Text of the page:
Green Zones are not just an opportunity for low-income communities and communities of color to live in healthy, thriving neighborhoods. It is an opportunity for all of California and the country to begin implementing the just, sustainable policies that are needed to face the changing climate and changing world. In order to transform toxic hotspots into healthy hoods, we need to start in the communities that are most overburdened by pollution and the highest cumulative impacts.
That’s why we’re excited to announce the 3 innovate bills we’re working on this year that will help advance Green Zones across the state. These bills will help increase public investments in vulnerable communities, address unhealthy and often discriminatory land use patterns, and support innovative community and climate transformation in disadvantaged communities.
We know our communities have the solutions, and these new Green Zones policies will help our communities gain the resources to bring our visions for health, justice, and sustainability to life. Grounded in local organizing, we seek to advance statewide policies that address the common roots and lift up the core principles of all Green Zones.
SB 1000: Planning for Healthy Communities Act
SB 1000 or the “Planning for Healthy Communities Act” authored by Senator Connie Leyva will require cities to include an Environmental Justice element in citywide General Plans. This will help improve local planning efforts to reduce disproportionate environmental and health impacts in our state’s toxic hotspots and moving us closer to healthy hoods.
An EJ element provides an institutional mechanism to assist cities and counties in identifying and meeting the needs of the most vulnerable neighborhoods in their boundaries. SB 1000 will help local governments create better policies that prevent the unhealthy mix of industry, homes and residents.
The cities of Jurupa Valley and National City have recently incorporated EJ elements into their General Plans to ensure that local land use policies do not pose environmental and safety risks to disadvantaged populations. They also have served to help promote policies that improve the health and well-being of our most vulnerable populations. If it can work in these EJ communities, we believe it can work across the state.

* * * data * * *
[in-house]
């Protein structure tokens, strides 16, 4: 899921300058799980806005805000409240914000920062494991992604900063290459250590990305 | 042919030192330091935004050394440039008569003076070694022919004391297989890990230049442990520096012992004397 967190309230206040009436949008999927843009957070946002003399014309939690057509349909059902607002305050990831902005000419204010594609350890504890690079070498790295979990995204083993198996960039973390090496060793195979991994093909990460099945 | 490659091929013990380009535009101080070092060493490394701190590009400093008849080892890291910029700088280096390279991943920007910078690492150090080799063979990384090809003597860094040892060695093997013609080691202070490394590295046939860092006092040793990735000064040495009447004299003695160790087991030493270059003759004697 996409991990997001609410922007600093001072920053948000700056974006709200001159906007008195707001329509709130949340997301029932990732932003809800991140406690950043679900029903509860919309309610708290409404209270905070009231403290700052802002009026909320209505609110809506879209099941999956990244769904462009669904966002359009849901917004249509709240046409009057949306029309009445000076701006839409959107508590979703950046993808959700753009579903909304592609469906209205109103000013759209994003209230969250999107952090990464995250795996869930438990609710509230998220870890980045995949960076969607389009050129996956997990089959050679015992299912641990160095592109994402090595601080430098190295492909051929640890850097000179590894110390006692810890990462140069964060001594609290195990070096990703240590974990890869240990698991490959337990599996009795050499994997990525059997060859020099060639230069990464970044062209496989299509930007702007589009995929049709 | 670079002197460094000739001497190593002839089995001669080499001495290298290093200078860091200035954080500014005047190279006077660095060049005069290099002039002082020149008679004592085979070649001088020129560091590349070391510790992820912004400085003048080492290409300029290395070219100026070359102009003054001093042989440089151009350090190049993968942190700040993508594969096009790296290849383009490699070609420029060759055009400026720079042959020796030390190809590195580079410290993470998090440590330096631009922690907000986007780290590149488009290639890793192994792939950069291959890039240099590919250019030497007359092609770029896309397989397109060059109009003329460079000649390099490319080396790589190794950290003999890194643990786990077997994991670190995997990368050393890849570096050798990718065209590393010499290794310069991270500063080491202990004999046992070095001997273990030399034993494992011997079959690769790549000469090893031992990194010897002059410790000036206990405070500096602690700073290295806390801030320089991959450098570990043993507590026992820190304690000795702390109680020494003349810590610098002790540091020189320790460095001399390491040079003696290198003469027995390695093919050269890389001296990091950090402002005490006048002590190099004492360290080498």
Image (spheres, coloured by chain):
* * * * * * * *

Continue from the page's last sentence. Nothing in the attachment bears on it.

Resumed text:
CEJA is proud to co-sponsor this bill with our members Center for Community Action and Environmental Justice (CCAEJ).
UPDATE: SB 1000 passed out of Assembly Appropriations and now moves onto the Assembly Floor!
AB 2722: Transformative Climate Communities
AB 2722 or the “Transformative Climate Communities Program” by Assemblymember Autumn Burke will advance large-scale, comprehensive investments in California’s most vulnerable communities through a new statewide program that aims to help achieve our climate goals. AB 2722 creates much-needed, new program to ensure that California is making comprehensive, cross-cutting, and transformative climate investments that achieve multiple greenhouse gas, public health and economic benefits in our state’s most vulnerable communities.
The new program will promote an integrated, collaborative approach and seeks to promote multi-stakeholder collaborations and leverage a range of funding sources, including private sector, to achieve large-scale impact.
UPDATE: AB 2722 passed out of Senate Appropriations and now moves on to the Senate Floor!